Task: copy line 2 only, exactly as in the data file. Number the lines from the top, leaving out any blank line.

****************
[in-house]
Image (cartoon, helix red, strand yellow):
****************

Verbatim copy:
Image (cartoon, helix red, strand yellow):